final api = AmplifyAPI(modelProvider: ModelProvider.instance);
    await Amplify.addPlugin(api);
    await Amplify.configure(amplifyconfig);
    try {
      await Amplify.configure(amplifyconfig);
    } on AmplifyAlreadyConfiguredException {
      safePrint(
          'Tried to reconfigure Amplify; this can occur when your app restarts on Android.');
    }
  }

While this looks easy when reading the documentation (and a lot of very good blog posts), this was rather difficult for me as I was not able to use the amplify init command. Finding out the structure of the “amplifyconfiguration.dart” and the implementation for the “ModelProvider” were my main challenges.

Lately, the related documentation has been updated and it is now easier to work with existing resources.

The Amplify Configuration file

The Amplify Configuration (amplifyconfiguration.dart) configures all of the required Amplify Plugins. In our implementation we started with the GraphQL backend:

const amplifyconfig = """{
"UserAgent": "aws-amplify-cli/2.0",
    "Version": "1.0",
    "api": {
        "plugins": {
            "awsAPIPlugin": {
                "matchcenter": {
                    "endpointType": "GraphQL",
                    "endpoint": "https://xxxx.appsync-api.eu-central-1.amazonaws.com/graphql",
                    "region": "eu-central-1",
                    "authorizationType": "API_KEY",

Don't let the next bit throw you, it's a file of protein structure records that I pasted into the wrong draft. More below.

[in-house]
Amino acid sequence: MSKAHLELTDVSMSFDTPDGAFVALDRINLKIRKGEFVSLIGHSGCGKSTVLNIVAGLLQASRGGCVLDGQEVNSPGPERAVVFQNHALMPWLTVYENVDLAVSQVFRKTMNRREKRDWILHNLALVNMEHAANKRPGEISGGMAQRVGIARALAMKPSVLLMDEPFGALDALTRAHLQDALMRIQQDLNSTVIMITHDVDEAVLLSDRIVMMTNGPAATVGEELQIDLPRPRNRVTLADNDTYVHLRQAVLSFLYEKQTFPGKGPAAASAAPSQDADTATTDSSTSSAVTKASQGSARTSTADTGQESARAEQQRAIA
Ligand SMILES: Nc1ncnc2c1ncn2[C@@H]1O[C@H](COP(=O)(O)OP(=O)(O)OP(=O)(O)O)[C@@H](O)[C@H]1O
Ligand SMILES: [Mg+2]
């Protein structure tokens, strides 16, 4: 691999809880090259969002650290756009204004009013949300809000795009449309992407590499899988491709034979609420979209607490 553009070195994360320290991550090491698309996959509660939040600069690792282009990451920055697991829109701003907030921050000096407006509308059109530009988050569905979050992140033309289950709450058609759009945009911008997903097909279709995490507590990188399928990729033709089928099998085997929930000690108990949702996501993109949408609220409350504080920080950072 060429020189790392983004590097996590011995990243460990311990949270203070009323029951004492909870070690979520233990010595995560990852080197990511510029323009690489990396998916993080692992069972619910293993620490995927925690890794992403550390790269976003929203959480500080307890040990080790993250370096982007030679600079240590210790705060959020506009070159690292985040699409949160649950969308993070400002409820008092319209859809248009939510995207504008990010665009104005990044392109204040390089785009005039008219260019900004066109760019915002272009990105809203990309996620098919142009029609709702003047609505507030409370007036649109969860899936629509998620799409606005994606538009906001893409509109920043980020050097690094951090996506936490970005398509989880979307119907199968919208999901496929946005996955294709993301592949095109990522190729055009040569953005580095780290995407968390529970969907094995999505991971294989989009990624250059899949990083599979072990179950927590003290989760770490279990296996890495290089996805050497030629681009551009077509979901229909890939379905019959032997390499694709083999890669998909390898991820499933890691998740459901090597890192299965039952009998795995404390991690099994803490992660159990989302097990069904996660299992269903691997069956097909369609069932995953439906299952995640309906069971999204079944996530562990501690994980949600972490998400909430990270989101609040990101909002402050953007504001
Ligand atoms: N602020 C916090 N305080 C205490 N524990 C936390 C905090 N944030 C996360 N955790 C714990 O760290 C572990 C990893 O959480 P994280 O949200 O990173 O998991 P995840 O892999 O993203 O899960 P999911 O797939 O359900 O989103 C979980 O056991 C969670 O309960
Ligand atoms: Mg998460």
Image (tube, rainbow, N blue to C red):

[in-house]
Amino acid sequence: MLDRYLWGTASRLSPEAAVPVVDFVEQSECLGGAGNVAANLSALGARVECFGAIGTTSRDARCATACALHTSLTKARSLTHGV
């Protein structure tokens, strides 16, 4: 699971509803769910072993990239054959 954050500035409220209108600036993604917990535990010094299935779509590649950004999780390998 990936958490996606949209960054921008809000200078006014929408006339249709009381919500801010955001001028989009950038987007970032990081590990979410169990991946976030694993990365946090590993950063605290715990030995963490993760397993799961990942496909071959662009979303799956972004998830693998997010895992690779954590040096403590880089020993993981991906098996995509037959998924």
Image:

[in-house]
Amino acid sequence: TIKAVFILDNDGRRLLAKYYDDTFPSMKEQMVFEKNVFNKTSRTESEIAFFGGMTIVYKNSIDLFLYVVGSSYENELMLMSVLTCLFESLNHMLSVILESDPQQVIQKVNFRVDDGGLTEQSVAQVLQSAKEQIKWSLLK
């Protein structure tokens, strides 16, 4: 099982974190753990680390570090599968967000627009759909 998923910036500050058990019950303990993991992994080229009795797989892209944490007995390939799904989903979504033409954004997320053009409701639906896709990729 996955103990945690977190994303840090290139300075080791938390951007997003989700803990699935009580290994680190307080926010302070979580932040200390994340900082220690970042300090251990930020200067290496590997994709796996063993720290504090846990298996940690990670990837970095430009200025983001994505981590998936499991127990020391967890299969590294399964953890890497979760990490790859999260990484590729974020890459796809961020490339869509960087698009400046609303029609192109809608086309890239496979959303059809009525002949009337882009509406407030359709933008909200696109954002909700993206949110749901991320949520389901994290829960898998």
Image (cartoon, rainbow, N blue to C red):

"apiKey": "xx0-3425ddregsGDE42dfw"
                }
            }
        }
    }
}""";

This tells  the Amplify SDK to talk to a specific API endpoint when the “Amplify.API” is invoked. As far as I understand this Github issue, right now only one API can be queried from a specific Amplify instance. 

When using the apiKey to do the authentication with the API, we will need to regularly update the Flutter application as the default API expires after 7 days.

This documentation was not available when we started to work on the project and I have the suspicion that Salih made this happen 🙂 (if not, still THANKS for the help you gave me! 🙂)

The ModelProvider

The ModelProvider should be a generated file, which you can generate from an existing GraphQL API. If you are using a schema that is not managed by Amplify, you will need to use “amplify codegen” based on an existing schema file.